Yet, the role of children is to learn and grow to be independent. Children must spread their wings, so they can function as their own adults and parents one day (and hopefully before they are 33 and still living in mom and dad’s house)!


Yet to a parent, a child is always their child, no matter how big, smart, or successful they are (and even when, G-d willing, they surpass their parents in height, good looks, and achievements).


My father used to say, “Blood is thicker than water,” meaning that it’s a harsh world out there and the family always needs to stick together.


As children of Holocaust survivors, I learned that we can’t stray to far (or far at all) from either our religion or family, because otherwise, “We let Hitler win.”


We grew up living next to my grandparents (1 block away) and later in life, we always lived right near my parents as well.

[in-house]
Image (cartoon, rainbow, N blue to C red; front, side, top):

I watched TV and ate salami sandwiches with my grandmother and doted over my grandfather who sat on the bimah in his big chair as the president of our then struggling synagogue in Manhattan. 


Similarly, my parents were like surrogate parents to my own children and regularly babysat, picked the kids up from school/camp, made Sabbath meals, and happily spent time with them doing whatever. 


My parents were always there to advise, guide, lend a hand and support…no matter the cost to them, as my father used to say, “I would go through fire for my family” and this–his devotion and integrity–I knew was the utter truth. 


In turn, I tried to be a good son and although I disagreed and fought with my parents (mostly my dad) on many issues (often religious and sometimes politics as remember them), I knew they loved me dearly and I them.